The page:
Baby budgies can’t regulate their temperature since they’re small and don’t have any feathers. It’s common for abandoned chicks to die from being too cold or too hot.

Even chicks that aren’t abandoned can die from the wrong temperature. So, ensure that the ambient temperature for baby budgies is kept at close to 98 degrees Fahrenheit.

There are ways to prevent baby budgies from getting too cold:

  • Use a brooder lamp, which is a lamp made specifically for chicks
  • Place a heating pad under the nesting box
  • Use a humidifier
  • Cover the cage with a blanket
  • Raise the temperature of the entire room

Hatchlings, or juveniles without feathers, should be kept in an area with at least 50% relative humidity. This will ensure that they have healthy skin and feathers once they develop.

5/ Physical Deformities

Sometimes, chicks are hatched with anatomical deformities that make survival impossible. These deformities happen when the chick is still developing inside the egg.

Physical deformities can be caused by the following:


Eggs that are shaken may be physically deformed and unhealthy. This commonly happens when an egg is shaken in the latter stages of development.

The most common cause of shaken eggs is when the egg falls from the nest. That’s why it’s important to ensure that the eggs are secured in a proper nesting box and material at ground level.

Patchy Incubation

A patchy incubation refers to eggs that haven’t been incubated consistently. This happens when the hen leaves the nest/eggs unattended for too long.

If the female needs to be removed from the aviary, you’ll need to incubate the eggs yourself. Alternatively, you can transfer the eggs to another nest where they’ll be fostered.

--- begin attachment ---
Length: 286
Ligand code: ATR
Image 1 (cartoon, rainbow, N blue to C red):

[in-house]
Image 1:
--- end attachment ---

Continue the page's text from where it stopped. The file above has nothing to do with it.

However, sometimes female budgies will reject eggs. This can happen when a hen suspects that the eggs are unhealthy or diseased.

The objective of budgies is species preservation, so wasting energy and resources on chicks that are unlikely to survive is pointless.

Egg Turning

Female budgies turn their eggs a minimum of 5 times per day while they nest.

According to Avian Biology Research, it’s theorized that egg turning is designed to ensure the survival of the embryo and the proper development of the chick.

It’s certainly the case that the top of the egg will stay warmer as it’s in direct contact with the hen’s body. Turning the eggs ensure that all parts of a developing egg receive much-needed warmth.

Mothers instinctively know how to nest properly and will turn their eggs. However, stressed females and those that aren’t ready for nesting may not do so.

Baby Budgie Died Suddenly

Baby budgies can die overnight from starvation, illness, changing temperatures, or attacks from other budgies. Usually, illness, disease, and malnutrition kill a baby budgie overnight.

If you find a dead budgie in the cage, remove it immediately. Budgies that have died from diseases are likely to infect other birds. Once the carcass is removed, thoroughly clean the entire cage.

Take the dead chick to a vet for a post-mortem examination. That way, any highly transmissible diseases can be ruled out or treatment issued to other chicks, if necessary.